Peace of the Pi

Friday, June 17, 2011

Spectators watch as a Buddhist calculates
the 3080th digit of pi
We all know that pi is irrational, meaning that there's no pattern to its digits. So how is it that we can calculate it to the thousandth decimal place and beyond?

As with all transcendental numbers, the answer lies in the secretive religion of Zen Buddhism. To compute each digit of pi, a Yogi will enter a deep trance and request the digit from the spectral plane. The monk must then continue meditating while waiting for the answer to come. In some cases, the guru will learn the digit in mere seconds, while in other cases, monks have been known to sit for weeks in patient anticipation before receiving a reply.

Of course, the answer must then be checked carefully to make sure that the swami's concentration didn't slip, resulting in a foul-up. Standard practice is have twenty shamen (or shawomen) check each digit before it can be officially recognized as correct.

This sort of technique, known as "Vedic math", tends to stick in the craw of Western mathematicians who prefer "rigorous" methods like algebra and calculus. Personally, I say go with whatever works!

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Smug as a Bug in a Rug

Wednesday, June 15, 2011

Closeup of L. psittacus
Photo by Joi Ito (CC BY 2.0)
The critically endangered Tunisian parrot beetle (Leptinotarsa psittacus) is the only species of insect capable of imitating human speech. It uses this talent to scare off predators, which universally fear humans.

The beetle's extra-precise antennae can pick up sound waves from up to ten yards away or more. After picking up a suitable sound, it spins a cocoon where it will hibernate for three weeks, processing the audio data. Once it has emerged from its cocoon, it can use the tymbals on its hind legs to reproduce the sound.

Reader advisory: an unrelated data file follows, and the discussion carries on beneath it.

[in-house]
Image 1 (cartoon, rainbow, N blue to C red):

But here's the crazy part: the parrot beetle can only play back a sound once! After that, it must begin the recording and processing steps all over again. A single parrot beetle can use more than 500 sounds in its lifetime!

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A Wing and a Prayer

Tuesday, June 14, 2011

Ever notice how the wings on a jet can often look like they're in pretty bad shape? Fact is, jets don't need wings at all. They are held aloft by their eponymous turbojets, much like the space shuttle, which is why the wings don't flap except in emergencies. They are only there so that people on the ground do not mistake them for Incoming Bomb Missiles (ICBMs).

Prop planes, on the other hand, need wings to keep them from spinning in the opposite direction of their propellers. Just like a helicopter!

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Force of a different color

Thursday, June 09, 2011

We've all heard scientists talk about "fundamental forces", but what are they really yammering on about? There are five fundamental forces:
  1. The "weak force". This force is commonly known as "force of will".

  2. The "strong force", popularized by the movie Star Wars.

  3. The "electronica force", or "force of habit".

  4. The "gravitational force", or "force of nature".

  5. The "centrifugal force", also known as the "blunt force", which is the force you feel if you try to push two magnets together.
Where can you see all of these forces working together at the same time? The Mexican jumping bean!

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Not to put too wine a point on it

Monday, June 06, 2011